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Common Tax Phrases for
Pilots and Flight Attendants
2% Limit
A.G.I. (Adjusted Gross Income)
Above the Line Deductions
Accountable Plan
Actual Cost Meal Deduction
Adequate Records
Alternative Minimum Tax
Below the Line Deductions
CONUS
CPA (Certified Public Accountant)
City-by-City
Commuting Expenses
D.O.T. (Department of Transportation)
Day Trips
Department of State
Displaced
Documentary Evidence
Domicile
Effective Date
Effective Tax Rate
Employee Business Expenses
Enrolled Agent
Expiration Date
General Services Agency
Gross Income
Hours of Service Limits
IRS
IRS Form 1040
IRS Form 2106
IRS Publication 1542
IRS Publication 463
IRS Publication 529
Incidental Expenses
Indefinate Duty
Itemized Tax Deduction
Itenerant
M&IE
Meals
Necessary Expense
Non Taxable Per Diem
Nonaccountable Plan
OCONUS
Ordinary Expense
Per Diem
Per Diem Calculator
Per Diem Deduction
Per Diem Rates
Personal Expense
Prorate
Recordkeeping
Reimbursement
Rest
Schedule A
Seasonal End Date
Seasonal Start Date
Special Per Diem Rates
Standard Deduction
Standard Meal Allowance
Standard Per Diem Rates
Substantiated Expenses
TDY
Tax Attorney
Tax Audit
Tax Bracket
Tax Credit
Tax Deduction
Tax Home
Tax Liability
Tax Preparer
Tax Software
Taxable Income
Taxable Per Diem
Temporary Duty
Transition Period
Transportation Workers
Travel Expenses

Itemized Tax Deductions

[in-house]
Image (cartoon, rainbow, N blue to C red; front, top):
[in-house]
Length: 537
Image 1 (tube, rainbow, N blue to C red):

Itemized deductions, also called a Schedule A deduction, is the alternative a taxpayer has to using the standard deduction. Itemized deductions are below-the-line tax deductions as opposed to above-the-line tax deductions. By using the itemized deductions, a flight crewmember is able to deduct all of their aviation related employee business expenses and travel expenses. Pilots and flight attendants who itemize are also eligible to deduct several other items allowed by the IRS. Items such as medical and dental expenses, interest paid, taxes paid, charitable contributions including car donations or boat donations, gambling losses, etc. For airline pilots and flight attendants to use the itemized deductions, the flight crewmember must be able to exceed the standard deduction amount that is published by the IRS for each given year. If the pilot or flight attendant cannot itemize, then none of the employee business expenses or travel expenses including the per diem deduction can be written off the flight crewmember taxes. In other words, those expenses along with the other itemized deductions that a pilot or flight attendant has simply do not exceed the standard deduction.

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